The same trend has affected more than 35 percent of homes in Chicago and over one quarter in Los Angeles. For Miami and Phoenix, the 2 percent decline has been recorded for about 20 percent of single-family houses.
Housing has become less affordable in big US cities due to consistently rising prices since the market hit bottom, and the trend has been compounded by little income growth and growing credit burdens, experts say.
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“What happens in any bull asset bubble such as what we've seen is you run out of buyers,” Chris Whalen, senior managing director at Kroll Bond Rating Agency Inc. and an advisor to Weiss, told Bloomberg. “It's hard to get deals done if the bottom third can't get a mortgage.”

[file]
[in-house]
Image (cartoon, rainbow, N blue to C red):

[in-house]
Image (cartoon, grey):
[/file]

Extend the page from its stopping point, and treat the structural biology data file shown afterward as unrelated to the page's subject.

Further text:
“If you have a market where every house is rising and you hear the news that the housing market is up, you're correct in applying it to your own home,” Weiss was quoted as saying by Bloomberg. “However, if you are in a market where 60 percent of houses are rising, you have a 40 percent chance of misunderstanding what's going on with your house.”